One day I fell out of a third story window on to a picket fence. When I asked Dr. Hammond if I would die, or recover, he looked at my tongue and said he “thought I would.”

“Why?” I asked.

“Because,” said he, “on general principles, Mr. Perkins, whenever a patient’s esophagus becomes hyperemic through the inordinate use of spiritus vini rectificati, causing hepatic cirrhosis, the reverse holds true; in other cases it does not.”

Then he put some water in two tumblers, and said:

“Idiosyncrasy, Mr. Perkins, is not superinduced by the patient’s membranous outer cuticle becoming homogeneous with his transmagnifibandanduality.”

Sez I, “doctor, I think so, too.”

My doctor, Dr. Hammond, is a great doctor. He can cure anything. He can cure cholera or smallpox, or hams or bacon.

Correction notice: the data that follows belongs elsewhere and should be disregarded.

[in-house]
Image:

One day I cut my toe off with an ax. When I called in Dr. Hammond to prescribe for me, he said he thought I had tic doloro, and then he prescribed bleeding, and bled me out of seventeen dollars. That was the dollar; and when he wanted his pay, I told him to charge it, and that was the tic; and I still owe it to him, and that is the “o.”


Two very curious incidents occurred to me recently—all through the mystification of terms. The newspapers nowadays are full of Italian murders and New Orleans assassinations, and any one whose name ends with an i, like Martinelli, or Morelli, is looked upon with suspicion. So when I was a little ill the other morning, and our Irish butler wondered what was the matter, I said: